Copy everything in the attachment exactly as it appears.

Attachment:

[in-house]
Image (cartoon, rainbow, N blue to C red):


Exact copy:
[in-house]
Image (cartoon, rainbow, N blue to C red):